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Want to Increase Sales and Reduce Marketing Expenses? Observe Your Surroundings!

23 Apr

 

I recently completed a marketing consulting project for a new restaurant.  The owner wanted ideas on how to best utilize marketing dollars to drive traffic to the restaurant.  Instead of automatically investing money in print advertising, I decided to observe the area around the restaurant.

Sitting in the coffee shop located across the street from the restaurant, I observed a very important piece of information:

Herds of kids wearing soccer jerseys being dragged around the shopping center by their parents

After taking additional notes about the type of people walking around the shopping center, I determined the most useful way to invest marketing dollars would be to promote 10% off a meal if a child shows up wearing his or her soccer jersey.  Also, if a child scored a goal, the restaurant would put his or her name on the chalkboard that’s visible to the patrons of this small town.

Instead of wasting large sums of marketing dollars on a print ad that MIGHT run one or two times in the local paper, this restaurant takes advantage of its surroundings and generates word-of-mouth advertising for one segment of its customers. It also promotes community involvement and is a fun place for families to visit after sporting events.

How can your business take advantage of its surroundings and create low cost, high return on investment marketing campaigns?

Happy Marketing!

Don’t Lose Focus of Your Core Prospects and Customers

23 Mar

Get clear about the customers you're targeting

While working with small business owners, I often find a recurring problem: most small business owners don’t have a clear target customer. When I ask business owners to describe, in great detail, the type of customers they hope to attract, I’m amazed when the business owner doesn’t have a solid answer. If you don’t know the type of customers you want to attract, how in the world do you expect to operate a sustainable business? By not having a target, not only will your marketing efforts fall woefully short, but also your products and services will likely fall flat.

In order to maximize your marketing efforts by identifying your target customer, you need to spend time thinking about the type of customer you want to attract. Gender? Age range? Education? Income Level? Buying habits? Price sensitive? How do they make purchases? Married? Single? Divorced? You need to study your target customer like you’re a trained international spy. Watch them walk; observe what they wear; where else do they shop? Why do they buy? This is the first step in creating an effective marketing campaign. KNOW THE CHARACTERISTICS AND HABITS OF YOUR TARGET CUSTOMER. Describe this target in great detail, so that you can easily describe your target to others, and they will know exactly the type of person you’re talking about.

Think of it this way: imagine you were trying to catch a mouse, and I had no idea what a mouse looks like. You would probably describe it as: small, furry, grey, four legs, whiskers, 4 to 6 inches long, 2 inches tall, fast, likes to live in walls and basements (this is how you should describe your target customer). Now tell me how to attract it: likes cheese and peanut butter.  To increase your customer base and create wildly-successful marketing campaigns, do the following:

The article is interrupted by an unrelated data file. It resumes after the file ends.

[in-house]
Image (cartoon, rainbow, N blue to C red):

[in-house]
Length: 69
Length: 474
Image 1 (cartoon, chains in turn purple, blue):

1) Describe, in great detail, your target customer

2) Determine what attracts that specific set of customers to your products/services

3) Create an advertising and marketing campaign directed squarely at your targets preferences

4) Capture your target customer and convert them to a happy paying customer.

Happy Marketing!

Are You Focusing on the Decision Makers?

21 Feb

Women drive 80% of consumer spending in the United States

I recently read Why She Buys by Bridget Brennan. You might ask: Why in the world are you reading a book about women? Well, according to Mrs. Brennan, women are the engine of the global economy, driving 80 percent of consumer spending in the United States.

Women do the majority of the shopping for the household, from grocery shopping to shopping  for clothes for her kids and her husband. She also has the final say on any big ticket item the man wants to buy!  How many times have you heard a man say, “Let me think about it.” That’s code for, “I have to ask my wife.”

Remember, the target customer and decision maker are not always the same person!

Here are a few interesting insights from the book:

  • They love to tell others where they bought something. For example: Woman 1 says, “I love your outfit!” Woman 2 responds, “Thanks! I got it at Ann Taylor Loft.” 
  • She starts sizing up the product/service/salesperson from the second she comes across your business. She notices every detail, from the post-it note on your desk  to the color coordination of your outfit. 
  • Women like to know what others are buying (possibly tag your product/service with “Best Seller” or “Best Deal”). 
 If you’re serious about selling your products and services in the future, I strongly suggest you find ways to make your products and services attractive to the final decision makers……women! What can you do to appeal to the women driving 80% of consumer spending in the United States?

Should You Compete on Price or Customer Experience?

16 Feb

Create the Ultimate Customer Experience

Let me keep this simple: If you compete on price, your business will die a slow, painful death.  Price is the easiest marketing strategy for competitors to imitate. We see companies everywhere competing solely on price–just look at the airline and pizza industry.  Competing on price has several negative effects on your business, including: